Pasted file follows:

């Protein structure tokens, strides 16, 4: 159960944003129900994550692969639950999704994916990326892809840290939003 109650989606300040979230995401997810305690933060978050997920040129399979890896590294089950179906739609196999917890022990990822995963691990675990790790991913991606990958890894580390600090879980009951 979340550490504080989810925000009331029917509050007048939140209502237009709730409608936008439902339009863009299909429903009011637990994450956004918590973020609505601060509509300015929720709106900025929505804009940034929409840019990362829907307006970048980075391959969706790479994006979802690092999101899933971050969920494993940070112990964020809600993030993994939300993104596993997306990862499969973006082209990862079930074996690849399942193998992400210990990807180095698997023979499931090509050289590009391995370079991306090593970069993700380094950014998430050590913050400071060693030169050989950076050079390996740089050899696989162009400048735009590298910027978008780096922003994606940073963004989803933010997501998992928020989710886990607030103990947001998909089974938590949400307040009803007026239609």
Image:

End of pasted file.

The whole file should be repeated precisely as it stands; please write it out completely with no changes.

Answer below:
């Protein structure tokens, strides 16, 4: 159960944003129900994550692969639950999704994916990326892809840290939003 109650989606300040979230995401997810305690933060978050997920040129399979890896590294089950179906739609196999917890022990990822995963691990675990790790991913991606990958890894580390600090879980009951 979340550490504080989810925000009331029917509050007048939140209502237009709730409608936008439902339009863009299909429903009011637990994450956004918590973020609505601060509509300015929720709106900025929505804009940034929409840019990362829907307006970048980075391959969706790479994006979802690092999101899933971050969920494993940070112990964020809600993030993994939300993104596993997306990862499969973006082209990862079930074996690849399942193998992400210990990807180095698997023979499931090509050289590009391995370079991306090593970069993700380094950014998430050590913050400071060693030169050989950076050079390996740089050899696989162009400048735009590298910027978008780096922003994606940073963004989803933010997501998992928020989710886990607030103990947001998909089974938590949400307040009803007026239609």
Image: